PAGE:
Fist shield or knife from Eastern Africa, possibly Kenya. Made from turtle shell, with a wooden cylindrical handle running down the reverse spine. The handle is tapered at one end to a point. Cowrie shells and blue circular beads are attached by plant fibre string to the top and bottom of the shell for decoration. The main shield body is carved at the edges to create a star like pattern.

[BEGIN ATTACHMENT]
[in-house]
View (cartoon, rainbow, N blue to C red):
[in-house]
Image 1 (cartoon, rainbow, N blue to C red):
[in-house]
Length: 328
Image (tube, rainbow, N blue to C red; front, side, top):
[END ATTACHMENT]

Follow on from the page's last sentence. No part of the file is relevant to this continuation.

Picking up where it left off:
Community Commentary by Njeri Gachihi within research project: 'Rethinking Relationships and Building Trust Around African Collections' 2021: The object above in design is closely related to the Turkana traditional fist knife, hence its name. Its provenance doesn’t seem very clear but borrowing from the design and the raw material, it must have belonged to a community that lived near a water body and one that exploited turtles as food or a source of livelihood. The communities that live near Lake Turkana are the Turkana, Rendile and Elmolo. Historically, the Elmolo are known to have exploited turtles as a main source of food in addition to fish and hippopotamus. However, Kenya wildlife has since banned the exploitation of Hippopotamus and turtles due to their reduction in the ecosystem. Given the value attached to tuttles by the Elmolo, and their proximity and interaction with the Turkana, this object may have been made by the Elmolo.